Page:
I did not imagine how hard this journey would be. I did not imagine how much I could do alone, and how much I couldn't possibly. But it's difficult to remember now that I didn't imagine anything. Not sleeping in 31 different places over 62 days or traveling over 6,000 kilometers by land and sea from the Chilean capital to the southern tip of the continent and moreover, back.
I didn't plan to have Christmas with a pair of German cyclists at a bushcrash site during a snowstorm in the Fitz Roy range. I didn't realize I would spend a morning in the sea sunshine observing one distant nipple-fin peak, measuring time by moving my head from slightly left to slightly right to see it.
How could I know how my throat would close against tears on the sweaty minibus when the guitarist sang 'todas las hojas son hojas del viento' (all of the leaves are leaves of the wind)? I didn't mean to be left completely alone to sleep outside a Mapuche ruka in the moonless mountains and campos 2km from the village of Currarehue on the camino to Argentina. Or push my way through empty woods and horse tracks to jump naked into a hidden waterfall I almost couldn't find.
There was no way to expect what happy satisfaction would come from spending days sorting leaves and stems from huge sacks of dried maqui berries. How I would pass evenings encerrando patos and preparing a plot for zanahorrias as a thick setting sun shone past the Pacific Ocean, through an arc of hose water and onto humans I had just come to love. And when we all come inside as night falls near 10pm to fresh milk on the woodburning stove, my body is agotado and leans into the routine.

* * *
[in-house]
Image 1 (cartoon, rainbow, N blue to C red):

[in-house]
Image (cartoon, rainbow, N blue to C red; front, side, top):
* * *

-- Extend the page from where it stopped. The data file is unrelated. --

I suppose if I had said aloud to myself 'I am going to travel alone through Patagonia and I have no plan' I could have guessed that at the very end I would feel either like a small worn object seeking my mother's warm hand, or like an invincible body, ten feet tall and bullet proof. It is the very end and I've felt both of those things exactly at once.
Two days ago, before the summer sunshine fully entered my bones and made me gentle and fevery, we walked back from the playa on moonlit dirt roads with our moonshadows. What a day when you can see all the lights the sun graces upon a vast and deserted coastland, beginning with the rising sun pointing right at us as I convinced Lilia to jump in for the first time since her childhood on our morning run through farmland and dunes. Each night it becomes easier to avoid the ginda trees, fire pit and work bench as I feel my way to my tent in the field beind the house, as the moon says, 'look at me, I am looking at you, my growing has meaning, see me.'